By Brian Hilberdink | Published 19 September 2018
As the leader of a Canadian company focused on improving the health of Canadians, supporting individuals in their pursuit of healthy living continues to be a big source of motivation. We all have different health needs, ability levels, and requirements. What works for me now might not work for you, or might not even work for me in the future. That’s why Novo Nordisk believes in active living that matches the distinct needs of each individual.
We recently undertook an exciting partnership program that aligned the idea of conquering personal obstacles with our focus to drive change in diabetes management. Through the Driven to Make a Difference contest, we partnered with Diabetes Canada and Breakfast Television Toronto to tell the story of IndyCar driver Charlie Kimball, who lives with type 1 diabetes. The contest called for Canadians to submit a story of how they or someone they know faced an obstacle and didn’t let it hold them back—just like how Charlie doesn’t let diabetes slow him down.
As one of the contest judges, I was amazed by the quality and quantity of the entries. People from across Canada shared experiences of persevering through adversity. The winner of the contest, Deanna Paolantonio, shared her story about how she was diagnosed with type 1 diabetes just after accepting an offer to pursue doctoral studies in dance. While the diagnosis challenged her relationship with her body, she continued to dance, work out, and study. Most inspiring was Deanna’s commitment to being an advocate for others, founding the D-Dance workshop, specifically designed for dancers with type 1 diabetes.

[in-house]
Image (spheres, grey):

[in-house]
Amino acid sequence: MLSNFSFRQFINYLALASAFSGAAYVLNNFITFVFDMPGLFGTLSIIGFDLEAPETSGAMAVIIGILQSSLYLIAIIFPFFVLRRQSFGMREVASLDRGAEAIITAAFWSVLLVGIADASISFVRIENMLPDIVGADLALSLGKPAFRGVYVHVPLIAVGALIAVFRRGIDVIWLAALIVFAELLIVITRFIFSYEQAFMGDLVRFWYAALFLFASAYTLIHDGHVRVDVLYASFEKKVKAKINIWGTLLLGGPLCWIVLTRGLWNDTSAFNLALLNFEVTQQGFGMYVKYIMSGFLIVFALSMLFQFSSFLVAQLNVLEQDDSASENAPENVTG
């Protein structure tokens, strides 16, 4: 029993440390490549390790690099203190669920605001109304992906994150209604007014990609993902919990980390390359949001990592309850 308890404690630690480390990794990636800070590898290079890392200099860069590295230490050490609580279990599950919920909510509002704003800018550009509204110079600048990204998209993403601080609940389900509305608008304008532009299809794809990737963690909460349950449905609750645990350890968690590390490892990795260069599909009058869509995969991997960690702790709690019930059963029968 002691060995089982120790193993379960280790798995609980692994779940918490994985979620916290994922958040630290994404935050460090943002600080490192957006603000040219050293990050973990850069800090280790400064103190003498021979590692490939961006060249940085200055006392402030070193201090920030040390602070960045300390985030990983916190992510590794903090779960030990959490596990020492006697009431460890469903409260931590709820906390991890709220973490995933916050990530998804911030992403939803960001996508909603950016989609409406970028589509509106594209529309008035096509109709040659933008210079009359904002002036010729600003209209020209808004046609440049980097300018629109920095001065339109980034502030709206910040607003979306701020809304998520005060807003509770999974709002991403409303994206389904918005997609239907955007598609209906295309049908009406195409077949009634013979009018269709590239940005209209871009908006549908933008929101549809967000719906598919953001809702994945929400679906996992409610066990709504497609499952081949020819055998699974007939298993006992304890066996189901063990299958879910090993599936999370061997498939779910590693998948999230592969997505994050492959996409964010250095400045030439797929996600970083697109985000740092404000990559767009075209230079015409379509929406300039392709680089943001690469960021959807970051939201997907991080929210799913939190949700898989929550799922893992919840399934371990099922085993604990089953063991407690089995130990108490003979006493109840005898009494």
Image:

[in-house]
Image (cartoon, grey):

At the end of the day, it’s all about helping individuals live their best life where they are, with the conditions they have and the experience they are living. Partnering with people like Charlie and hearing stories like Deanna’s helps to empower others. They illustrate the tremendous power we have to move past our comfort levels regardless of our condition, fitness level or life experiences and the benefit of integrating activity in our daily lives. So we’ll continue to share these important stories. That’s an inspiration for me and the employees of Novo Nordisk.
Diabetes is the common term for several metabolic disorders in which the body no longer produces insulin or uses the insulin it produces ineffectively.